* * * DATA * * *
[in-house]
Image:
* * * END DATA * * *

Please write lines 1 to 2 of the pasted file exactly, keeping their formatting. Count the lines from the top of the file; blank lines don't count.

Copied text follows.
[in-house]
Image: